At the same time that the news media has conflated entertainment and news, the dynamic has elevated the opinions and statuses of the celebrity class – TV, Hollywood, athletes, royalty, courtiers – to an exalted level with the implicit assertion of the relevance of those opinions to daily and societal survival. On occasion, and perhaps even more often than is healthy, some celebrities have been elected or been candidates for public office.
The American psyche has been infused with a failure to distinguish the reality of celebrity, i.e., fame, from, well, reality. The age of bobbysoxers and fan clubs has largely been replaced by social media as “influencers” now define cultural concepts. The news media has daily amplified the phenomenon. Some of this transition is virtually subliminal, a kind of fawning acceptance of celebrity as being as essential as air, water, or food. Celebrities, minor and major, have aggregated a psychic sinecure in the mind of the American public.
The American psyche has been infused with a failure to distinguish the reality of celebrity, i.e., fame, from, well, reality.
This outcome was neatly illustrated by a small piece in The New York Times’ feature “Metropolitan Diary,” (January 9, 2022), a collection of experiences in the Big Apple:
Dear Diary, I was walking through SOHO when I noticed a crowd in front of the Crosby Street Hotel. I asked a young couple who they were waiting for.
We don’t know, they said, explaining that they had seen the crowd and had decided to wait too.
I asked how long they had been waiting.
About 30 minutes they told me.
“You have been waiting for 30 minutes for someone you don’t know?” is asked.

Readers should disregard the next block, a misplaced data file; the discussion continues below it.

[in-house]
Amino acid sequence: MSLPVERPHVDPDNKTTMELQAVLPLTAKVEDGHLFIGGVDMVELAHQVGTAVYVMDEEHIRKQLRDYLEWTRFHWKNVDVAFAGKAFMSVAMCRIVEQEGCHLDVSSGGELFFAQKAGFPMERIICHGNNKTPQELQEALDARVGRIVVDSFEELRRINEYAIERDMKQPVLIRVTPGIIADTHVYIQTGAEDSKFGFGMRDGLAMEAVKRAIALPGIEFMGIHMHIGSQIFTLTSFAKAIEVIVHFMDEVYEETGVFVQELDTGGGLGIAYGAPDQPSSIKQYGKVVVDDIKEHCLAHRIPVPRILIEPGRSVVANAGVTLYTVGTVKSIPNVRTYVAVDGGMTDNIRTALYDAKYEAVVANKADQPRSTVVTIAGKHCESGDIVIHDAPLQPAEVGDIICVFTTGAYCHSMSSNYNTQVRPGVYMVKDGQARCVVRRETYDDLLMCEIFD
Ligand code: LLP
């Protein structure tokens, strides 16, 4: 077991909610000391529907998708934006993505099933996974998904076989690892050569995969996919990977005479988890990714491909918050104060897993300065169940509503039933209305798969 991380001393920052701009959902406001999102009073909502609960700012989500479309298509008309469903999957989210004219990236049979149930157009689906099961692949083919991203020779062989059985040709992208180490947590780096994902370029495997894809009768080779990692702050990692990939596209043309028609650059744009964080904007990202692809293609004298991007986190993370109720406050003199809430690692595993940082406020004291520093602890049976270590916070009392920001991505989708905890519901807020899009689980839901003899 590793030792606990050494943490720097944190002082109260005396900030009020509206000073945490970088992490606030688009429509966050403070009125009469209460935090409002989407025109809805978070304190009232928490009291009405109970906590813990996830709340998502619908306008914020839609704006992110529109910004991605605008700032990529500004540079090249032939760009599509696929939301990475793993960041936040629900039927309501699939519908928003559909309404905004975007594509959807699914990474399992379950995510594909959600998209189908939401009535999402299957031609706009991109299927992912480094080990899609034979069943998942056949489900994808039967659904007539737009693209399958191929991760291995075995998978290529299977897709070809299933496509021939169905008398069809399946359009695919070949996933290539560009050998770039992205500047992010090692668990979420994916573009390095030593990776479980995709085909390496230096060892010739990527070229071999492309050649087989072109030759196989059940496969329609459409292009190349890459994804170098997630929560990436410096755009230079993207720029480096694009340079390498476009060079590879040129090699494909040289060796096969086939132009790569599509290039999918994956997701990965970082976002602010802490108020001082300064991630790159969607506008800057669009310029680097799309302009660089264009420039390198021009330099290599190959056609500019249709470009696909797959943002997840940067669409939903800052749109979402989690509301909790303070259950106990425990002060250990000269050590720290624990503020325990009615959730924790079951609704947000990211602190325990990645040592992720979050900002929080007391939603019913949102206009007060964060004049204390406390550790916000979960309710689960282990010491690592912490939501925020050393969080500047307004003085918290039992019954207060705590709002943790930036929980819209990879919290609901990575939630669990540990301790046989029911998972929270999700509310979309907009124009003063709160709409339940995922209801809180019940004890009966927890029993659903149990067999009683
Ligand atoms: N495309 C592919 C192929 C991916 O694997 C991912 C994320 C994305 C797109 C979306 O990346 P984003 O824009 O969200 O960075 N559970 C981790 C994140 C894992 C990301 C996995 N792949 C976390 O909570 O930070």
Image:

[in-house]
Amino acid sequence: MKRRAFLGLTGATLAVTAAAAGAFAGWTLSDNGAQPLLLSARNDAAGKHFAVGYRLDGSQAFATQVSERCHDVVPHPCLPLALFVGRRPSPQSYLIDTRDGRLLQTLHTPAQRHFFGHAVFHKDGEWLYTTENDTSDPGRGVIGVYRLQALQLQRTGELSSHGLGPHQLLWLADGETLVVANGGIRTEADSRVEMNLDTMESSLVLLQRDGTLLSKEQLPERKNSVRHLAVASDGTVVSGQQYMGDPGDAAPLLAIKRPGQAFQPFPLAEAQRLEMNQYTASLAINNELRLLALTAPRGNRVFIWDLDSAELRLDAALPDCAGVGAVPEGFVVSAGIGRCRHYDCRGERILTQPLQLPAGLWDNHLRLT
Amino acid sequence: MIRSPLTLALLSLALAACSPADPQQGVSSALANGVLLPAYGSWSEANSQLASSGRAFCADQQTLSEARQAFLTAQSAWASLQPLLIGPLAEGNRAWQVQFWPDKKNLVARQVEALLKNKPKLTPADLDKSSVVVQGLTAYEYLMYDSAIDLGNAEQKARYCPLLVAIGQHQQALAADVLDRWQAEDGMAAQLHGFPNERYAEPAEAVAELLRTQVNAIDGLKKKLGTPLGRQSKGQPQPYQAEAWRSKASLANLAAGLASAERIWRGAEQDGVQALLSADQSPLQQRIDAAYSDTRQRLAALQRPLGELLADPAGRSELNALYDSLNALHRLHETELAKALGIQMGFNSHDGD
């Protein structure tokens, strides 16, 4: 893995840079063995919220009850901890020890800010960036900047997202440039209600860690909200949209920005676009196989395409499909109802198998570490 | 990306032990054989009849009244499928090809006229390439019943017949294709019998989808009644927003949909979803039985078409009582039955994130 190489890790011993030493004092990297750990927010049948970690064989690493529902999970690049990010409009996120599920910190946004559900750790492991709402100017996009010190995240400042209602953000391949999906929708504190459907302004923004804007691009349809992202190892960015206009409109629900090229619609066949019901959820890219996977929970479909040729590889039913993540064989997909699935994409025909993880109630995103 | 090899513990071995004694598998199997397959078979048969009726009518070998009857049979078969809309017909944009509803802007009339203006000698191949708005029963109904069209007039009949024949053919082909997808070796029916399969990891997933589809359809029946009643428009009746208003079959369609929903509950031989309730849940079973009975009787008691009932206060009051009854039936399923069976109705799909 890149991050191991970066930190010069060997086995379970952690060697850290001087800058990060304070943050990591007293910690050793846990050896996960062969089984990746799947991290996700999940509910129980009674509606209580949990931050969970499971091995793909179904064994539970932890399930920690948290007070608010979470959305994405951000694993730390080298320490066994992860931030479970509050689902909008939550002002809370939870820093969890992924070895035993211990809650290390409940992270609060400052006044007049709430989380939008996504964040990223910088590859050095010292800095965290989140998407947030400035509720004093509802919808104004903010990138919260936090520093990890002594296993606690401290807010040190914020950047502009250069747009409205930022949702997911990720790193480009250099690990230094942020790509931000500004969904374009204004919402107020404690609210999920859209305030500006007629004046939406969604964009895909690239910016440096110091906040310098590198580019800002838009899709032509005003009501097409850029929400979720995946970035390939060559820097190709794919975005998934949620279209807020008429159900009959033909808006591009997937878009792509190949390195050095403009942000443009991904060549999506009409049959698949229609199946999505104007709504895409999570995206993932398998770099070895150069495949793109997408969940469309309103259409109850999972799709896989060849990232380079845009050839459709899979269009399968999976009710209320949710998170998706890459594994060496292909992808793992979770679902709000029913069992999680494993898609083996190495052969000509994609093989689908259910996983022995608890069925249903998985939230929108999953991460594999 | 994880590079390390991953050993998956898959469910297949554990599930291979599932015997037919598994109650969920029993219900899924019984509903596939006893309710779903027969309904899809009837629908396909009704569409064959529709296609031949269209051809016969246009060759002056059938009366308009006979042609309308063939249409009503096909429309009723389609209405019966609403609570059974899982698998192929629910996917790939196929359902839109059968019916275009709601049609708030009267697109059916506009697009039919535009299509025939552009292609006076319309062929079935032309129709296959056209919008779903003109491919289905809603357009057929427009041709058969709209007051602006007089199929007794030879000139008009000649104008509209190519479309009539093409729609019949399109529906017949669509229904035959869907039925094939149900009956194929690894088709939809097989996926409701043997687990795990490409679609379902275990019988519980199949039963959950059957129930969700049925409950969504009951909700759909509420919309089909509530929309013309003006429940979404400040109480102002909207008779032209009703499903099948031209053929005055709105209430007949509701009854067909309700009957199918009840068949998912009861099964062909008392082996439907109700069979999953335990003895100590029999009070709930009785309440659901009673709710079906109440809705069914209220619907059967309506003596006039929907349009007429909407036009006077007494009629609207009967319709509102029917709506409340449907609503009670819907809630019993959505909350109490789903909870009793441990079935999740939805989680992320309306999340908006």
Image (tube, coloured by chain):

“Yes,” one of them said. “It might be a celebrity.”
I walked a few feet and saw a woman standing with what appeared to be her two teenage daughters.
“Who are you waiting for?” I asked.
“We don’t know,” the woman said. “We saw the crowd and decided to wait. It could be someone famous.”
“How long have you been waiting?” I asked.
“Maybe about 40 minutes or so,” the woman said. “Not really sure.”
At that point, the hotel’s doors opened but only for the doorman to make sure the crowd wasn’t blocking the entrance.
Walking a little farther down the block, I noticed a man sitting in a car.
“Are you waiting, too?” I asked him.
“You bet,” he said.
“But you don’t know who it is?”
“Don’t care as it could be somebody,” he said.
“And if it’s somebody,” he added, “I don’t want to miss it.”
However important celebrity and celebrities are to the minds of the population, the devotion of ink and digital space has reached a massive proportion. Consider that British royalty has been exported to the United States for popular consumption, as if we were not blessed with the likes of our own highly populated genre, e.g., Ronald Reagan, Charlton Heston, Donald Trump, and, of course, Kanye West. Meghan and Harry seem to have created their own niche.
The American brand of fawning over celebrity may not be deemed as absurdist as waiting for Godot but it has come to occupy an inordinate vitality, perhaps compromising common sense. Willingness to join a crowd for a peek at an unidentified someone merely because they may be “somebody” is a sad commentary.
Anonymous Facebook posts inviting viewers to share personal experience with “The Most Famous Person I Met” or “The Most Famous Person With Whom I Was Photographed” further imprint our psyches with celebrity influence and reveal the inclination to share a fawning moment, a personal few seconds of celebrity magnetism or “maganetism,” if you prefer. One snarky critic labeled it “enigmaganetic.”
It is possible that the deluge of celebrity via social media and commercial news media may, over time, assist the public to discern the wheat from the chaff, enhancing reasoning and reading skills. It won’t be too soon. In the meantime, folks will continue to pine for the arrival of Godot, likely well before the dawning of the Age of Aquarius or a new Age of Reason.